14. 8 The Transformation Begins
    (pp. 149-167)

    IF THE Depression decade had been merely a time of increased privation, it would rate little attention in any history of the South, including this one. Instead, for the section perhaps even more than for the nation, the decade proved to be the wellhead of remarkable changes in government and society. Of these changes, many were reinforced and some perverted by the war that followed.

    Despite the fact that the Roosevelt administration lavished far more rhetoric than money upon the South’s problems, its varied and paradoxical programs helped to launch a many-sided revolution. Some New Deal policies represented a holding...

  15. 9 South into Sunbelt
    (pp. 169-195)

    FOR SOUTHERNERS even more than for other americans, the post–World War II era was crowded by events. The New South system passed away as decisively if not as explosively as the Old South had a century before. Men and women who were middle-aged in the 1980s and 1990s were, like their great-grandparents, separated from their youth by more than years. The changes in the metaphorical landscape of culture were mirrored in the physical landscape, whose forms, more than ever before, were shaped by superabounding human power. Cottonfields changed to pastures or to woods; marshes to soybean fields or rolling...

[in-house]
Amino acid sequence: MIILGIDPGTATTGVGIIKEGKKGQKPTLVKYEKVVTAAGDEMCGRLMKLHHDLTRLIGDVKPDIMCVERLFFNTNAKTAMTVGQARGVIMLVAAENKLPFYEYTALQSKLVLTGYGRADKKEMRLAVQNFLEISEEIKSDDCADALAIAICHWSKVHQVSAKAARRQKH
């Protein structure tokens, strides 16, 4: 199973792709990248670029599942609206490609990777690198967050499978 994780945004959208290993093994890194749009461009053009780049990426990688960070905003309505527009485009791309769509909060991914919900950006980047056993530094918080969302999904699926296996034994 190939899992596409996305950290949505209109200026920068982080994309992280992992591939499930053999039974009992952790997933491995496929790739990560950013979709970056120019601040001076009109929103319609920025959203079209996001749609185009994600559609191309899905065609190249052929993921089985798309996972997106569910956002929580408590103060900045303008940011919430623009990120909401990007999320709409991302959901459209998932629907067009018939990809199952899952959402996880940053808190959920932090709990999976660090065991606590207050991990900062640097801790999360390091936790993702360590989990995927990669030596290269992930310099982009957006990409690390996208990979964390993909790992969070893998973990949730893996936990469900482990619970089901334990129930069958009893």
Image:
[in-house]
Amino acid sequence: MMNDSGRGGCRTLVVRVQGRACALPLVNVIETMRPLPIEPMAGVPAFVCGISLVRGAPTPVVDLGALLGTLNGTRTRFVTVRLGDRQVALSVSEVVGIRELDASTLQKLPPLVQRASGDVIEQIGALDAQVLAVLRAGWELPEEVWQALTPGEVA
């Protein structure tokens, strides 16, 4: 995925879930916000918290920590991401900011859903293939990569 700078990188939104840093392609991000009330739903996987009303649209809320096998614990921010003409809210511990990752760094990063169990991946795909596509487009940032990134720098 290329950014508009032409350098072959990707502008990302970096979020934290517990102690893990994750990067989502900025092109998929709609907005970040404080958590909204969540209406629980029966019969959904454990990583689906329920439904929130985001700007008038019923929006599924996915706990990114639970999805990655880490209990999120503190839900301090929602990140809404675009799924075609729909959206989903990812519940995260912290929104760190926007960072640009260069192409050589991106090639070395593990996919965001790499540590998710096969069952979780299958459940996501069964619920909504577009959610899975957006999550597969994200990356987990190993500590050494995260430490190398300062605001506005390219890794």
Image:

16. 10 Myth and Dream: An Epilogue
    (pp. 197-200)

    FROM THE first advertisers of the wonders of Virginia, southerners have displayed the normal human urge to brag about their region. Sometimes their fellow Americans, entranced by the image of a warm place they have really known very little about, have joined them in undiscriminating praise—whenever they were not doing the opposite. A decade ago historian Charles P. Roland delivered a witty address on “The South, America’s Will-o’-the Wisp Eden,” pointing to the persistent promise and lagging performance of the region, which he interpreted in terms of its enduring educational backwardness and economic colonialism. The urge to overcelebrate the...

  17. Notes
    (pp. 201-224)
  18. Bibliographical Note
    (pp. 225-232)
  19. Index
    (pp. 233-240)